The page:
I remember personally being taught how to time the differential between a bomb’s flash and its explosion, and the impact of the sound. I was taught how much faster light travels than sound. I would sit up there during the bombing and calculate how far away the bombs were dropping. In wartime, there’s a certain fatalistic approach to life.
Another approach to death that people have is uncontrolled rage. The feeling is that this absolutely should not happen to them. They are beside themselves with anger, and not infrequently people will actually go out of this life into death with the sound of cursing on their lips. The Welsh poet Dylan Thomas advised his dying father to “rage, rage against the dying of the light.”
I submit to you that if we are simply approaching death by wishful thinking, or resigned fatalism, or uncontrolled rage, we’re not handling death properly. We would probably fall into the category of people who are trying to avoid the inevitable. As a very good friend of mine has said, on the basis of his medical research he has come to the conclusion that life is one hundred percent fatal! That being the case, we had better face up to it and we had better face up to the fact that death means grief. The two are inextricably bound up in each other.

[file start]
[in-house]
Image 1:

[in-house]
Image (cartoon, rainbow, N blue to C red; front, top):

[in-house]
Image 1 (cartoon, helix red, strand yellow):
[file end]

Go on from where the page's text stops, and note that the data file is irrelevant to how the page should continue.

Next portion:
Our ministry is to encourage people in their grief. But it isn’t just helping people to confront the awesome reality of death; we also need to help people to confront the awful reasons for death. Why is there such a thing as death? We’re confronted with it all the time. We have images of emaciated mothers trying to feed dying children in Somalia. We have images of people sorting through the wreckage of crashed airliners. Every time we turn on the news we seem to see the same guys wheeling out a stretcher with a murder victim in a body bag. We see the images all the time and, incredibly, we actually eat supper while we’re watching them.
The questions we have to ask ourselves are these: Why is this? Why is there all this death? What is the point of it? Where is God in this whole thing?
The Bible is pretty straightforward about this. It tells us that at the very beginning of creation God created man and woman and He put them in this superb environment and He said that they were to live as human beings. Human beings live on the basis of obedience and dependence. To give them the opportunity to be both obedient and dependent, He gave them Paradise. And He gave them one little section that was off-limits; that was all. All they had to do was to keep out of the off-limits area and thereby demonstrate their obedience and dependence and God said, “If you decide to go off-limits, the day you do you’ll die.” There is a clear link between going off-limits and dying.
This link is explained even further for us in the New Testament. The Bible says the wages of sin is death — death is God’s answer to man going off-limits. This is what the Bible teaches. It says that sin entered into the world and sin abounded. That means sin became pervasive. The attitude of arrogant independence and rebellion is deep in the heart of human beings. That’s the essence of sin: arrogant independent rebellion against God. It entered into the human race, it is pervasive.
The Bible goes on to say that sin reigned. In other words, sin has become the dominant force in human experience.